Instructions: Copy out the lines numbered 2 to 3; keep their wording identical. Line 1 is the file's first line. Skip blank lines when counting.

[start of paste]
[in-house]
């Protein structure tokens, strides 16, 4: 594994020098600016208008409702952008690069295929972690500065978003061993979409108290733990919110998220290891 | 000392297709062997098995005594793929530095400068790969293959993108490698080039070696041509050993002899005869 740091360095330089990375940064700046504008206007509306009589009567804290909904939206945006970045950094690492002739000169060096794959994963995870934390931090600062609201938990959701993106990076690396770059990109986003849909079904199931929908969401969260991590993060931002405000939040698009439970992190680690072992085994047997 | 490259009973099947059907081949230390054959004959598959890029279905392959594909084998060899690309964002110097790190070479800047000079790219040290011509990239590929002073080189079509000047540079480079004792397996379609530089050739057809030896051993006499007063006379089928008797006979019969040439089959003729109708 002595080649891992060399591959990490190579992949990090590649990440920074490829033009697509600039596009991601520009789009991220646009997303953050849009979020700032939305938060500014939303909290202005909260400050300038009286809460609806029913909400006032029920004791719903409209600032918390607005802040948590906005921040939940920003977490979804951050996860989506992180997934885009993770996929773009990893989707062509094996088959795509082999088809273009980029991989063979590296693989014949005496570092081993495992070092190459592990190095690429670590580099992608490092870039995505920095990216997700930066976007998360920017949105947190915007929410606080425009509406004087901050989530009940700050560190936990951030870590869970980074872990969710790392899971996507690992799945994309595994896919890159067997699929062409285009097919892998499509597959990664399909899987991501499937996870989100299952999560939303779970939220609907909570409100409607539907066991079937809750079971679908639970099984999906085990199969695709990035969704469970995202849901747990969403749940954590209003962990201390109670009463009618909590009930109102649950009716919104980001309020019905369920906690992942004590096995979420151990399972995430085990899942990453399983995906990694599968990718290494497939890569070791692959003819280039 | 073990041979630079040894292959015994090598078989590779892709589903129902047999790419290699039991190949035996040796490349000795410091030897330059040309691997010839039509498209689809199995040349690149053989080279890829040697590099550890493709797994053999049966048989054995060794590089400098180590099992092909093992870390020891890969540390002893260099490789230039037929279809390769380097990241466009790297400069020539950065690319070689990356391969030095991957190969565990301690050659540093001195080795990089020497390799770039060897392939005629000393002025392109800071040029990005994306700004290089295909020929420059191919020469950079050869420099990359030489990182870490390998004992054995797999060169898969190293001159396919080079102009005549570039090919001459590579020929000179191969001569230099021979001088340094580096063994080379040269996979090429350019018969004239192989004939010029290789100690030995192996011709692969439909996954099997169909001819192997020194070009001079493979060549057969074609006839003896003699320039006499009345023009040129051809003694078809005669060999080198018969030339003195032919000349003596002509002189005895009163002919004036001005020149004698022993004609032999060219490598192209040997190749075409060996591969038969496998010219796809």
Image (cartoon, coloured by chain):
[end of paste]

């Protein structure tokens, strides 16, 4: 594994020098600016208008409702952008690069295929972690500065978003061993979409108290733990919110998220290891 | 000392297709062997098995005594793929530095400068790969293959993108490698080039070696041509050993002899005869 740091360095330089990375940064700046504008206007509306009589009567804290909904939206945006970045950094690492002739000169060096794959994963995870934390931090600062609201938990959701993106990076690396770059990109986003849909079904199931929908969401969260991590993060931002405000939040698009439970992190680690072992085994047997 | 490259009973099947059907081949230390054959004959598959890029279905392959594909084998060899690309964002110097790190070479800047000079790219040290011509990239590929002073080189079509000047540079480079004792397996379609530089050739057809030896051993006499007063006379089928008797006979019969040439089959003729109708 002595080649891992060399591959990490190579992949990090590649990440920074490829033009697509600039596009991601520009789009991220646009997303953050849009979020700032939305938060500014939303909290202005909260400050300038009286809460609806029913909400006032029920004791719903409209600032918390607005802040948590906005921040939940920003977490979804951050996860989506992180997934885009993770996929773009990893989707062509094996088959795509082999088809273009980029991989063979590296693989014949005496570092081993495992070092190459592990190095690429670590580099992608490092870039995505920095990216997700930066976007998360920017949105947190915007929410606080425009509406004087901050989530009940700050560190936990951030870590869970980074872990969710790392899971996507690992799945994309595994896919890159067997699929062409285009097919892998499509597959990664399909899987991501499937996870989100299952999560939303779970939220609907909570409100409607539907066991079937809750079971679908639970099984999906085990199969695709990035969704469970995202849901747990969403749940954590209003962990201390109670009463009618909590009930109102649950009716919104980001309020019905369920906690992942004590096995979420151990399972995430085990899942990453399983995906990694599968990718290494497939890569070791692959003819280039 | 073990041979630079040894292959015994090598078989590779892709589903129902047999790419290699039991190949035996040796490349000795410091030897330059040309691997010839039509498209689809199995040349690149053989080279890829040697590099550890493709797994053999049966048989054995060794590089400098180590099992092909093992870390020891890969540390002893260099490789230039037929279809390769380097990241466009790297400069020539950065690319070689990356391969030095991957190969565990301690050659540093001195080795990089020497390799770039060897392939005629000393002025392109800071040029990005994306700004290089295909020929420059191919020469950079050869420099990359030489990182870490390998004992054995797999060169898969190293001159396919080079102009005549570039090919001459590579020929000179191969001569230099021979001088340094580096063994080379040269996979090429350019018969004239192989004939010029290789100690030995192996011709692969439909996954099997169909001819192997020194070009001079493979060549057969074609006839003896003699320039006499009345023009040129051809003694078809005669060999080198018969030339003195032919000349003596002509002189005895009163002919004036001005020149004698022993004609032999060219490598192209040997190749075409060996591969038969496998010219796809």
Image (cartoon, coloured by chain):